Hi Katherine, we haven’t heard of something like this happening before with a sourdough starter, and it makes us a bit weary to hear about unidentified things growing in your starter. We’d recommend airing on the side of caution since you’re not sure what kind of yeast/bacteria culture has formed and simply start fresh (discard the affected starter). Food safety and the well-being of our customers is of utmost importance to us, so we’d recommend being prudent in this case. Kye@KAF

  7. Cindy Vice

    Which is better sourdough starter made with yeast or just plain flour & water?
    What is the best way to store – in a mason jar with lid just barely on, covered loosely with plastic or just screw the lid on regular?
    What is the ideal temp for growing a starter – my house is usually between 68 & 74 degrees?

    1. The Baker's Hotline

      Hi Cindy, when it comes to sourdough baking, there are no hard and fast rules about what is “better.” If you ask what makes the best sourdough starter to a room full of bakers, you’re bound to get dozens of answers. We prefer using this recipe to make your own sourdough starter, which uses a basic combination of whole wheat (or whole rye) flour and water to capture the wild yeast from the environment. (Sometimes adding a bit of commercial yeast to “kick start” your starter can be helpful, but it’s usually not necessary.)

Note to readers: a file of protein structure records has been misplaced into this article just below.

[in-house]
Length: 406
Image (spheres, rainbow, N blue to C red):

For storage, we like keeping the sourdough starter in a crock with a loose-fitting lid like this, but a mason jar with the lid slightly ajar works well. Avoid screwing the lid on tightly to allow some gas exchange. It sounds like your kitchen will make a cozy sourdough home. Ideal temperature for sourdough is between 68°F and 70°F. (Check out this post about growing your own starter for more details.) Kye@KAF

  8. Drew

    My starter seems to rise and fall in a span of about 4 or 5 hours. I’ve been using it at its peak somroughly half that time. I get decent results. Should I try using it at 8 hours? Everything thing I read says you should use your starter at its peak.

    1. The Baker's Hotline

      Glad you hear you have a very active starter, Drew. Using it at it’s peak is ideal for getting the best rise out of your bread, though there isn’t necessarily a wrong time to use it. We encourage you to experiment using it at different rising and/or falling points to see which stater-state results in your ideal loaf. It would be a tasty experiment indeed. Annabelle@KAF